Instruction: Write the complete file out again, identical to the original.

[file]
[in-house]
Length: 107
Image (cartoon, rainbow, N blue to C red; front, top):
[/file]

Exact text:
[in-house]
Length: 107
Image (cartoon, rainbow, N blue to C red; front, top):